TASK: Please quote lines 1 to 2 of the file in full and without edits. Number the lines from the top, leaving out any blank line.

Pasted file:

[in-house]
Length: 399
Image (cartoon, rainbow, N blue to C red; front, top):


[in-house]
Length: 399